The Underlying Chris Asks, What's in a Name? It Might Not Be a Self
Will Eno debuts his latest exploration of life, death, and the identity that coalesces in between.
Will Eno really likes thinking about Life. Finding meaning in the mundane, absurd, and totally nonsensical is his specialty, and in the past few off-Broadway seasons we've seen his various attempts at wrapping his arms around the enormous topic. I'm specifically referring to his 2017 production of Wakey, Wakey, a play in which a man nearing the end of his life eulogizes himself from a wheelchair; and the 2018 revival of Thom Pain (Based on Nothing), in which the title character delivers an existential monologue about dogs and bee stings while standing next to a mysterious abyss.
The Underlying Chris, a world premiere directed by Kenny Leon at Second Stage's Tony Kiser Theater, lives in that same oddball world where human customs start to seem alien and you begin to ask yourself questions like, What even is the experience of sitting in this theater? Only this time, instead of one person reflecting on a life from the tail end of it, we see a full life unfold from cradle to grave — in a Will Eno kind of way.
Chris is our main character, but there is no one Chris. From scene to scene, men and women of varying ethnicities take on the role of "Chris" (though the name comes in many forms including Khris, Christine, Krista, and Christiana). Each Chris shares a common history: His/her parents died young, he/she was a diver who later switched to tennis, and he/she has chronic back pain stemming from a mishap with a stuffed carrot as a baby. All three of those facts very well could make it into the Reader's Digest summary of a life. But what is the unifying identity…underlying…these qualities and experiences? Who's to say there even is one?
Eno is the master of posing such heady questions with concision and just the right amount of insolent wit. He cuts right to the chase in his prologue (performed by the young and impressively self-possessed Isabella Russo, dressed in a men's suit designed by Dede Ayite). "It's a story about the moments that shape a life, and the people who shape a moment," she says. "And also, mystery. And, meaning. Who's up for some meaning!?" she continues, garnering cheers from a crowd clearly hoping to receive some artistic affirmation about how life is teeming with significance. It's a subject the audience cares about, and is clearly a subject Eno's characters also care about. "I'm just starting to figure out who I am, and they take away my identification," says an older version of Chris named Kit (played by Michael Countryman) as his license is revoked at a DMV.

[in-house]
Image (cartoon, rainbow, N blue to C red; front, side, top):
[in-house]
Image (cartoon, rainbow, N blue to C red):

But in Eno's typical style, his characters have a robotic detachment from the feelings and desires they verbally communicate. This lifelong quest for a soul, for lack of a better word, is emotionally charged. And for once, despite the infinite delight I get from Eno's bird's-eye view of earthlings and their crazy behaviors, I wish we were allowed to feel the stakes behind that pursuit of self. Without it, The Underlying Chris is left feeling more sterile than a play about the meaning of life ever should.